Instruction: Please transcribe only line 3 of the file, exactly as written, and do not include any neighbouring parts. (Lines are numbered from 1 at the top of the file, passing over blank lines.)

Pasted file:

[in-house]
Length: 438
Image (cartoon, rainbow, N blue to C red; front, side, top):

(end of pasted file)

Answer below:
Image (cartoon, rainbow, N blue to C red; front, side, top):